Philanthropy is often seen in a positive light, modelling as the definition of charitable, and used as a buzzword to describe how people do good in the world. Yet many have come to realise that philanthropy has developed a bad reputation, and rightly so. It is built on colonial ideals and ideologies. As decolonisation and the unlearning of traditional ways of thinking come to the forefront, we need to consider how we view philanthropy. The Victorian idea of philanthropy and charity is about holding onto power, and often centres on helping the poor to make the rich feel good. We need to reframe this narrative.

It is important to think about philanthropy through a modern lens and consider what it could become. If philanthropy was more willing to truly shift power, then the resulting change could be significant. We need to go beyond the current ESG (economic, social, governance) model of charitable investment into something more radical, where philanthropy has truly shifted power to those with lived experience and who have traditionally been excluded.

Young people have long been seen as the beneficiaries of philanthropy, with a myriad of charities existing to improve our lives. Yet young people themselves, who are so central to the missions of these organisations, tend to be missing from the decision-making table.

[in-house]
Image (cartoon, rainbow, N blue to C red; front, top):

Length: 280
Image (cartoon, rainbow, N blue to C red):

Engaging with young people and learning from young people are different things. Charities often find it much easier to solely engage, by creating channels for input and to platform young people’s voices. However, when these young people’s voices are saying that radical change is needed or bringing up challenging issues, charities need to adapt and change, not shy away. This could mean giving power away or creating a culture shift. Using what is learnt working alongside young people can be hard to do, but it is necessary to ensure meaningful change.

Charities whose missions are not exclusively around young people should also include young people’s voices. Young people want to lead and feel empowered to do so, and particularly young people with lived experience are best placed to do this, with the support of specialists. Young people need to have tangible power-sharing, being brought in not just to be the face of campaigns, but to lead and drive them as well.

The lived experience of a diverse range of young people, used in a way that is not tokenistic, can be incredibly powerful in shaping the direction of a charity. Yet we see that not all young people are being reached. Understanding the barriers and working with others to overcome these is vital to ensure that a wide range of young voices are heard and able to shape decisions.

Read the full article about young voices informing philanthropists by Kate Roberts and Amelia Ireland, with thanks to Mita Desai, Callum Pethick, and Charlotte Lamb at NPC.